I solved it... and all I had to do was edit /etc/default/grub thus: GRUB_CMDLINE_LINUX_DEFAULT="splash vga=789" I ran sudo update-grub, sudo reboot and it sticks in a larger-size console mode... just what I wanted.


From the Linux Information Project: Terminal : Technically , A terminal window, also referred to as a terminal emulator, is a text-only window in a graphical user interface (GUI) that emulates a console. In Our words A GUI Application , from where we can access an user's console. Console: an instrument panel containing the controls for a computer ...


That instructions works like a charm to me in my Ubuntu 12.04.1 Change (edit) in /etc/default/grub file: From: GRUB_CMDLINE_LINUX_DEFAULT="quiet splash" To: GRUB_CMDLINE_LINUX_DEFAULT="text" Now you must update the grub configs: sudo update-grub And its done! After reboot, to start the gui just login and type: sudo service lightdm start


The text you are looking for is inside /etc/legal The programs included with the Ubuntu system are free software; the exact distribution terms for each program are described in the individual files in /usr/share/doc/*/copyright. Ubuntu comes with ABSOLUTELY NO WARRANTY, to the extent permitted by applicable law. Before you start editing this: as far ...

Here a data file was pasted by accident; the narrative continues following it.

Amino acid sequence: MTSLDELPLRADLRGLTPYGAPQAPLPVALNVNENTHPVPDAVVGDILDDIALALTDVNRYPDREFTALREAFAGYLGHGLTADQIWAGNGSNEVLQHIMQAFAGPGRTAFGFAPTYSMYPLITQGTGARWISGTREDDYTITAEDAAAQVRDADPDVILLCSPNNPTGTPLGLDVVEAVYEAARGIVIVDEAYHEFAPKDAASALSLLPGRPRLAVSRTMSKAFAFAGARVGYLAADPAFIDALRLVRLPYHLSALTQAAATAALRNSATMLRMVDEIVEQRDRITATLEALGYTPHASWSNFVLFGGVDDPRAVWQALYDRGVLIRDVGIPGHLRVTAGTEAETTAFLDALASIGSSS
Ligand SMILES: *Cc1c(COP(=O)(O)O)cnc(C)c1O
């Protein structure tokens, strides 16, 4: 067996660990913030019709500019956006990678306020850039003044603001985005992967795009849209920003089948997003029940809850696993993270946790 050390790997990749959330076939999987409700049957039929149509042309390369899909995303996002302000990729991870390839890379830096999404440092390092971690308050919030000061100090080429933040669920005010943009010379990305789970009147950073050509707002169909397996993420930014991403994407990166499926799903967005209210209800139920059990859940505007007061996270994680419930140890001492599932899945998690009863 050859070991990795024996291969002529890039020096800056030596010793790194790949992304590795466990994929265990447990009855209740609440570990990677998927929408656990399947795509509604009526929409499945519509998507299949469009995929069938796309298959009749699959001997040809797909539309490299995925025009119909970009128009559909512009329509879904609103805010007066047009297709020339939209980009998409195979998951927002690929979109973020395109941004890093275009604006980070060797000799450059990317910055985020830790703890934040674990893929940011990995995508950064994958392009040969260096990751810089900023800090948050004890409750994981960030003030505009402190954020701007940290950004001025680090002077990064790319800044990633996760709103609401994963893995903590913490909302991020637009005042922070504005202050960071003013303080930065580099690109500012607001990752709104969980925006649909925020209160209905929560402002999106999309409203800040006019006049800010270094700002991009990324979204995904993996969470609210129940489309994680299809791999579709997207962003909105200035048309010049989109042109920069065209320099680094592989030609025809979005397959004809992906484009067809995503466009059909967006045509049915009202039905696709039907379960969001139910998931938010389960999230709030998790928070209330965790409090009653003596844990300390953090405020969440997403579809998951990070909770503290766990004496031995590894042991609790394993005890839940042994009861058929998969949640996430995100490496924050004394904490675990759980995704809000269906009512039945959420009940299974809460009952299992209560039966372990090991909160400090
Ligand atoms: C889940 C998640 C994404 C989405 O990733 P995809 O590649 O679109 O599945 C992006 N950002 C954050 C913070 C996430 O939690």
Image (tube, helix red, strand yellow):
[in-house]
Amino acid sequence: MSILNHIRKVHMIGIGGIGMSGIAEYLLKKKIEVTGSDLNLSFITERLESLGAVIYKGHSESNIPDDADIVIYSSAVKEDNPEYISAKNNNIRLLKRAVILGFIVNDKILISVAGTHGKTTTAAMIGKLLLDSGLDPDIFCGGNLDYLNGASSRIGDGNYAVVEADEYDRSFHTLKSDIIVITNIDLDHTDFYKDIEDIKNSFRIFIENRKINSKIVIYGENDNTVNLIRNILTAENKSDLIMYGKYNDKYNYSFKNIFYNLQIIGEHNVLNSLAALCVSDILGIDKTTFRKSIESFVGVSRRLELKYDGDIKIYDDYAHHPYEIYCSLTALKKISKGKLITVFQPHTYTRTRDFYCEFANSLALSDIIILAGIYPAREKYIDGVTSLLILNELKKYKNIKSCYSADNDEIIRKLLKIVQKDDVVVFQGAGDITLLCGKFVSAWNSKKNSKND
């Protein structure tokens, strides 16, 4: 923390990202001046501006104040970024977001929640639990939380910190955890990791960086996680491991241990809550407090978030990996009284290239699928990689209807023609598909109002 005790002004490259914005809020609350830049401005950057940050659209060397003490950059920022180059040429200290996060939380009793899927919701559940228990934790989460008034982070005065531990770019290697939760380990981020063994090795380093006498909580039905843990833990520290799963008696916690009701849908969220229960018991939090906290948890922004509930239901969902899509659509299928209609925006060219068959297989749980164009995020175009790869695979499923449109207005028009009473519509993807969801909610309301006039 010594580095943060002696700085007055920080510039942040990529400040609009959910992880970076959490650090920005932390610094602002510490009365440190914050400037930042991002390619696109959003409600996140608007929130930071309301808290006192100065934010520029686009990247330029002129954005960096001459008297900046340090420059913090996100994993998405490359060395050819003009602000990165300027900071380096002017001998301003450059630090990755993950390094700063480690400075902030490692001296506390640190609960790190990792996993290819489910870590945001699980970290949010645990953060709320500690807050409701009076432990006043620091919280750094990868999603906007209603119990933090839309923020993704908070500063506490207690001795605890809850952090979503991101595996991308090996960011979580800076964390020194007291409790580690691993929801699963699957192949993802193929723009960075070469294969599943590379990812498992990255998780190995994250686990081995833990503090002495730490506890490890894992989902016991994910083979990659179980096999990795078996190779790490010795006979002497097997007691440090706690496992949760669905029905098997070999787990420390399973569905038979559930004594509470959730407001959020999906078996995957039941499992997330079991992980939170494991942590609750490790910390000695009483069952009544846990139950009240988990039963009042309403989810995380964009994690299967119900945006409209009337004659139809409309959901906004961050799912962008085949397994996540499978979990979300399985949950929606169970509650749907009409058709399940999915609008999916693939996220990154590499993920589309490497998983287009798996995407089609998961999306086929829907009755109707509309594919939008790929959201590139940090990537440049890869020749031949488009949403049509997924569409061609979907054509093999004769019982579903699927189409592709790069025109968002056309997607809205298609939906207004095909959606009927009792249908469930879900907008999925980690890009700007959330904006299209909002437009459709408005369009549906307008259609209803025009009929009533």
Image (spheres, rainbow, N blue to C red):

Check if Midnight Commander (mc) is installed. If so, you can do ftp from there.


just start mysql using the command example: sudo /opt/lampp/lampp startmysql and find path of mysql , it will be placed in bin directory of lampp, then login example: /opt/lampp/bin/mysql -u root


if you have a touchpad though, highlight the text and press Ctrl + Shift + C to copy ... the following resources describe how to copy/paste using keyboard only -- screen/byobu: How do I integrate Byobu's copy-buffer with the X clipboard? Copy and Paste in ...


You could make life really easy for yourself using a fuse filessytem. On the machine you can ssh into, install curlftpfs sudo apt-get install curlftpfs Then add yourself to group fuse sudo usermod -aG fuse <username> Log out, and log back in again, for changes to take effect. Make a directory for a mount point mkdir ~/ftp Then mount the ftp ...


As you pointed out, you can run nohup nm-applet & to ignore the end signal when closing the terminal. No problem with that.


Looks like you accidentally switched to the text console, that does no harm at all as long as you know how to terurn to your desktop. Did you accidentally hit Ctrl+Alt+F4? In that case you can return to your desktop hitting Ctrl+Alt+F7. There are usually 6 text consoles (F1 - F6) but most users aren't even aware of them. They're extremely useful for ...


Though a proper library is the best solution, I'd like to show a simple alternative: use \r (carriage return) instead of \n (line feed) for line endings, so that that the cursor is placed at the start of the current line, instead of on the next line. #! /usr/bin/python3 from time import sleep for i in range(100): print('[' + '='*i + ' '*(100-i) + ']', ...